Honestly, visiting the south of Sri Lanka was enjoyable. There are not 15000 tourist attractions, but the places I visited were nice. You just take your time, without stress, and the locals are kind and smiling. Colombo is not a must see, but I definitely suggest to stop by Galle, and spend a few days on the beach in the south.
How to get to Sri Lanka
You’ll probably get there by plane. Click here to check the latest flight prices. From the airport to my hostel in Colombo, I paid 2500 rupees (13 euros).
How to get around in Sri Lanka
If you’re in a city, you can walk. Colombo and Galle are not big cities. If you wanna go from one city to another one, you’ll have to take the train or the bus. In second class, I paid 180 rupees (one euro) to go to Galle from Colombo. It was a two hours and a half ride. In first class, the price was 800 rupees (4.50 euros). Have a sit on the right side to be able to watch the sea!
Bus 350 goes to Matara, passing by Mirissa Beach. I paid 70 rupees (0.40€), and it was a one hour ride.
FYI, there are three classes in the train in Sri Lanka. In first class, you have your own seat. In second class, it’s first come first served! But it’s quite easy to have a seat. In third class, it’s also first come first served, but there are way more people, so there are very few chances to be able to sit.
Best time to visit Sri Lanka
October/November and March/April are the best months to go there. From May to September, it’s the monsoon. Otherwise, it’s the high season and the beaches are crowded.
Where to stay in the south of Sri Lanka
Honestly, the places I stayed at weren’t great so I won’t promote them here 😀 Click here to check the hotels available in Colombo. Click here to check the hotels available in Galle. And click here for Mirissa Beach.
Other things to do in Sri Lanka
Apart from the south of Sri Lanka (Colombo, Galle and a beach in the south), you can visit Ella and Kandy, and climb Sigiriya. There are places to visit, where I didn’t go : Nuwara Eliya, a town located between Ella and Kandy. Also Dambulla, located between Kandy and Sigiriya. Those who are motivated, you can climb Adam’s Peak (the real one, not Little Adam’s Peak!). The view there is amazing for the sunrise!
I went to Mirissa Beach, but apparently Polhena Beach is quieter. There’s also Matara Beach, very popular, in the extreme south of Sri Lanka. Many couples go there. Of course, there’s also Tangalle but I didn’t go.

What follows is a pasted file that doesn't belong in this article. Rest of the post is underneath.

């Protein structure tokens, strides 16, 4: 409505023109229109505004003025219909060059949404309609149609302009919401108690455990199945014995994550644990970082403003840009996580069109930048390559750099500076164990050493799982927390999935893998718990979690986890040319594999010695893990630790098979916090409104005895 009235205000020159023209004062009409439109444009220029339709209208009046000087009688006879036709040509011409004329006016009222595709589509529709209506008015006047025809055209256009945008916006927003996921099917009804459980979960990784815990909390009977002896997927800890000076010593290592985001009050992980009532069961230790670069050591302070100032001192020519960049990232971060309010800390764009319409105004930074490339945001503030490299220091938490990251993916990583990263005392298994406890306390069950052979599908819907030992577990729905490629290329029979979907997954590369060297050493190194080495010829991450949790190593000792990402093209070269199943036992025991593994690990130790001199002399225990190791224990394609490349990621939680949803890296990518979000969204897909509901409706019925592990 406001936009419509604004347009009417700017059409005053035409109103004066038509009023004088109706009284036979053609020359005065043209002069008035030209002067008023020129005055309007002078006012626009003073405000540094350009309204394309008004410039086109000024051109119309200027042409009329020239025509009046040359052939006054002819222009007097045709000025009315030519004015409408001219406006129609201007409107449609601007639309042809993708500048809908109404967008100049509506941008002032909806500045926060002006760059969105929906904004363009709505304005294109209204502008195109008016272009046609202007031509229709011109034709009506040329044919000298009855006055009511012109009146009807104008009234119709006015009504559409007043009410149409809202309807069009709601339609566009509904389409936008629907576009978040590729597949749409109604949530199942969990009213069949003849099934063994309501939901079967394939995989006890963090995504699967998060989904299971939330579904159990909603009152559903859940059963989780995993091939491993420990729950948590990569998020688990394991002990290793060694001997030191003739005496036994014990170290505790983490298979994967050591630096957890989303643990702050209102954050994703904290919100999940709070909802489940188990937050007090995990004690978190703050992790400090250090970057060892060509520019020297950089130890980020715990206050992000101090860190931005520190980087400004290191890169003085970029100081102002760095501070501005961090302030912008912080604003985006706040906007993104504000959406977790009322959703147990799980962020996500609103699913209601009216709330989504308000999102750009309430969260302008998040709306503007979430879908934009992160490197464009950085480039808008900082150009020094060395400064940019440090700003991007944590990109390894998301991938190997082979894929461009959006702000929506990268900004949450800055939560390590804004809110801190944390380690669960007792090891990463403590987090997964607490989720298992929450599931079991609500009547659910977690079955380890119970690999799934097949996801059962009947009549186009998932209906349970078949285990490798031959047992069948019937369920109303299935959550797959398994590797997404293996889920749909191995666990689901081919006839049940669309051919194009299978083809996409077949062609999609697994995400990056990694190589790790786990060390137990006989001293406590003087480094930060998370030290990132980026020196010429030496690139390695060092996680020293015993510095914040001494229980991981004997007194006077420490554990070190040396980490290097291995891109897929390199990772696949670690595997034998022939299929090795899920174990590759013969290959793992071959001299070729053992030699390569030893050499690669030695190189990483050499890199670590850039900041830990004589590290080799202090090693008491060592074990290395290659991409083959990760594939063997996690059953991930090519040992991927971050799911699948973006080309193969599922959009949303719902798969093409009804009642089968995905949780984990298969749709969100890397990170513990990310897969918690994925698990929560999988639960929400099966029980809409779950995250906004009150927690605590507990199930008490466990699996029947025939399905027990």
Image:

South of Sri Lanka travel tips
- Traveling soon? Check out my travel resources page!
- Check the visa policy here. If you wanna go to Sri Lanka and stay there for less than 30 days, most Western countries don’t need a visa anymore. But you need to apply for a free ETA. Click here to do it.
- Do not go to Sri Lanka without a travel insurance! Here’s why you should buy travel insurance!
- Want a tailor made trip to Sri Lanka? Get a free quote here!
- Here’s an article if you’re visiting Galle during rainy season!
- Eating outside is expensive in the old town of Galle (this is where the tourists go!). You’ll probably spend 1800-2000 rupees (10-11 euros) for a dish and a drink. I found a restaurant where I had a dish and a dessert for 200 rupees (1.10€). I don’t have the name, there was no tourists at all, it was a rustic place with no menu and no signs in front. But it was on Lighthouse street. However, they were only serving spicy food.
- Here are the most beautiful beaches in Sri Lanka!
- Be careful, on the coast along the beach in the south of Sri Lanka (Colombo, Galle, beaches in the south), the sea is choppy! You’ll see many red flags, and signs saying “It’s strictly forbidden to swim in this area“. There’s been many drownings in the past. I repeat myself, but get a travel insurance!
- I took a local SIM card to have internet access outside. I paid 150 rupees (0.85€) for the SIM card, and an extra 200 rupees for 2GB (1.10€). At the airport, they had no SIM cards below 1300 rupees (7.20€)…
- You’ll see by yourself, everywhere in Sri Lanka, it’s a pain in the ass to plug in anything (laptop, smartphone charger…) in their outlets, even with a travel plug adapter!
- Always use a VPN when traveling. I use ExpressVPN and I love it! Here’s why you should use a VPN when traveling.